Naturalist, author to speak tomorrow

The Baltimore Sun

Fifty years after well-known birder Roger Tory Peterson and British naturalist James Fisher documented their travels to wild places across North America in their book Wild America, naturalist and writer Scott Weidensaul decided to retrace the journey to see how things had changed.

He said his friends and colleagues expected his account would be pretty depressing.

"Things have been lost, that is true," Weidensaul said by phone from his home near Schuylkill Haven, Pa. "But what really surprised me is how energized and optimistic I came away feeling. We have made enormous progress in 50 years ... in terms of the mindset."

Along with his expertise as a naturalist and his reputation as a writer and educator, it is that hopeful outlook that appealed to the program committee at the Howard County Conservancy, said Meg Schumacher, executive director. "He still finds a lot of room for optimism, and that's really important," she said.

Weidensaul will present slides and speak about his book, Return to Wild America: A Yearlong Search for the Continent's Natural Soul, at 7 p.m. tomorrow at the conservancy's education center in Woodstock.

"I have been a naturalist since I was old enough to walk," said Weidensaul, 49, who has lived most of his life in the Appalachian mountains of eastern Pennsylvania.

"I was forever dragging stuff home," he said. He recalled that his mother would dread finding small animals and other bits of nature in her son's clothing, and his father had to institute a rule that any snakes in the house must not be venomous.

Weidensaul studied fine art along with biology and natural science in college and planned to be a wildlife artist. His skills instead led him to write a nature column for the local newspaper, which turned into a career as a reporter.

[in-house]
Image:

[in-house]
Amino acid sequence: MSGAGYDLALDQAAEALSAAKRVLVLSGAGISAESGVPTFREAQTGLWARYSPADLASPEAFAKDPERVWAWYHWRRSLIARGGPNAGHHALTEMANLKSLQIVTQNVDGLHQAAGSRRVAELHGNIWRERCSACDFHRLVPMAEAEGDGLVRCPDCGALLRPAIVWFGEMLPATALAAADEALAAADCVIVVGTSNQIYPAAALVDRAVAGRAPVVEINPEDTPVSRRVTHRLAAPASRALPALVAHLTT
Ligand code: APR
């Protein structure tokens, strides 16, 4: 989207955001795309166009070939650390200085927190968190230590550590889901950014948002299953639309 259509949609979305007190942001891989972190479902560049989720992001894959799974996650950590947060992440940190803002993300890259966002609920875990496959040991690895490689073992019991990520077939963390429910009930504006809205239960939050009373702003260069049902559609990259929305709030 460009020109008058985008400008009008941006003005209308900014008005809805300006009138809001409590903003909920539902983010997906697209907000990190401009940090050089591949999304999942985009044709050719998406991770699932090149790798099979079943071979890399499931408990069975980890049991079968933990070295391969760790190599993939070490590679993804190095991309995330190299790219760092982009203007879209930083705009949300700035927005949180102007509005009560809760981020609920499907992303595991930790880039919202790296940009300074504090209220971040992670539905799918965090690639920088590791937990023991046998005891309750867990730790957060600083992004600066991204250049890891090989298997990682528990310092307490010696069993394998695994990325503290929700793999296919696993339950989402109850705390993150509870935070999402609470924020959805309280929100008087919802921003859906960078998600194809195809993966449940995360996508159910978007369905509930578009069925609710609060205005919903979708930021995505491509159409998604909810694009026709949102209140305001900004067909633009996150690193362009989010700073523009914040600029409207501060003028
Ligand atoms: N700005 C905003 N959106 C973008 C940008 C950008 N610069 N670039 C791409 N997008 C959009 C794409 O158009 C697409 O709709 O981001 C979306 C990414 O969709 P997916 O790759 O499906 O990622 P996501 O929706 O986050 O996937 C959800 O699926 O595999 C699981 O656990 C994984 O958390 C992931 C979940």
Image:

In 1988, he switched to freelance writing about nature topics, including for The Philadelphia Inquirer and Harrisburg Patriot-News. He also wrote more than two dozen books since then, including ones on bird migration, species extinction and the Appalachians.

Over 20 years, he has done more and more of his own research as what he calls a field ornithologist, as opposed to an academically trained one. He has spent many years banding hawks each fall to help track their migration patterns, and he directs a program studying saw-whet owls. He is also part of a wider project to follow western hummingbirds as they establish a new migration route in the East.

"I love sharing this stuff with people," he said.

He said a topic such as bird migration is a "gee-whiz" phenomenon that can get people's attention. For example, he said, the bar-tailed godwit, a tiny bird, more than doubles its weight in preparation to migrate from Alaska to New Zealand and then flies about 7,500 miles for seven to nine days straight.

"If you can't make that stuff interesting, you have to hang up your word processor," he said.

When he revisited the locations documented in the 1956 book, he said, he wanted to see "what has changed for better or worse in conservation."

He saw the ill effects of pollution, development, invasive plant and animal species and climate change. But he also found that some areas remained wild, and he said he believes the culture has changed for the better in terms of environmental awareness.

A host of examples from the 1950s, including unchecked dumping of pollutants into waterways, widespread use of pesticides, plans to dam the Colorado River, and no limits on people shooting at migrating birds, would be considered outrageous today, he said.

Now, he said, "We are reaching a phase where people are willing to make sacrifices, or at least willing to consider them. ... If we look ahead 50 years, I think we will see a strengthening of the environmental ethic."

Schumacher said Weidensaul's approach fits perfectly with the Conservancy's mission of fostering and understanding and an appreciation of the environment. "If people can understand more about the environment, it's going to affect how they live their lives," she said.

People are encouraged to reserve the $10 tickets in advance by calling 410- 465-8877. The Conservancy is at 10520 Old Frederick Road.

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